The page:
Pandemic paralysis: Delta continues to impede hotel, restaurant recovery

Leisure and hospitality added fewer than 100K jobs for 2nd straight month, DOL report shows

National /
Oct.October 08, 2021 02:00 PM

Recovery is still extremely hindered in the leisure and hospitality sector (iStock; Photo Illustration by Steven Dilakian for The Real Deal)

The Delta variant continues to stall recovery in the hospitality sector, as hotels, restaurants and bars added a mere 31,000 jobs to the U.S economy in September after a net gain of zero jobs in August.

The primary driver of job losses during the pandemic, the broader leisure and hospitality sector added 74,000 jobs as arts and entertainment venues reopened, but a slow rebound in hotel hiring contributed just 2,100 of those jobs.

Overall employment in leisure and hospitality remains down 9.4 percent since the start of the pandemic, according to monthly figures released Friday by the Department of Labor.

Still, real estate may stand to benefit.

“The ongoing decline in the unemployment rate, and the rise in wage growth, is good news for the housing market, as it will continue to support strong housing demand,” said Mike Fratantoni, chief economist at the Mortgage Bankers Association.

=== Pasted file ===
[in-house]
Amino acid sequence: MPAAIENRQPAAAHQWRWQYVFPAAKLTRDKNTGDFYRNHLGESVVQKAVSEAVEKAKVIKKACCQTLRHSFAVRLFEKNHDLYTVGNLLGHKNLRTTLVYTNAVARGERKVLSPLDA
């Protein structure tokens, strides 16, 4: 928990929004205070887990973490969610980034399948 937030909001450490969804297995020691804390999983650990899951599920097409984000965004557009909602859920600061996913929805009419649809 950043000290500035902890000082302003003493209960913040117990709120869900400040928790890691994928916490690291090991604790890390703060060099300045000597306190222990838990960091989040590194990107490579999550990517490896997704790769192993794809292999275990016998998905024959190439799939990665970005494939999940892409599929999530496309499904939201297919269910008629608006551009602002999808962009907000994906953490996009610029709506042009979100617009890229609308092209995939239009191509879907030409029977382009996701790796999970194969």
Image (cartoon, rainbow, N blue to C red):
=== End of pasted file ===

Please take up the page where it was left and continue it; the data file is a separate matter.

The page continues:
The unemployment rate fell to 4.8 percent from 5.2 percent, which Fratantoni expects will lead the Federal Reserve to taper its monthly asset purchases.

“This will likely lead to modest increases in interest rates, putting additional pressure on housing affordability at a time [when] home-price appreciation is still very high,” he said.

Modest hiring gains were seen last month in construction, warehousing, storage and retail.

The return to the office, however, stalled in September as 13.2 percent of employees continued to work from home, little changed from August.

The private sector added 317,000 jobs in September, and a revised 366,000 in August. Last month saw the slowest rate of hiring this year, with a record 10.9 million current job openings.

Lackluster job growth disappointed predictions that a new school year, fewer unemployment payments and widespread vaccines would supercharge hiring nationwide.





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